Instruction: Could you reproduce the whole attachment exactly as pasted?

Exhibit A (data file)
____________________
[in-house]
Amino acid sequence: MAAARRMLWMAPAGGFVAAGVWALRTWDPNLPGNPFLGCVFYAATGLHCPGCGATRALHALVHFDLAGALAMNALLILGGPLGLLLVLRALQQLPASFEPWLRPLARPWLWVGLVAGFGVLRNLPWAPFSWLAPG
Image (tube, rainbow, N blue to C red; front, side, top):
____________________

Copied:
[in-house]
Amino acid sequence: MAAARRMLWMAPAGGFVAAGVWALRTWDPNLPGNPFLGCVFYAATGLHCPGCGATRALHALVHFDLAGALAMNALLILGGPLGLLLVLRALQQLPASFEPWLRPLARPWLWVGLVAGFGVLRNLPWAPFSWLAPG
Image (tube, rainbow, N blue to C red; front, side, top):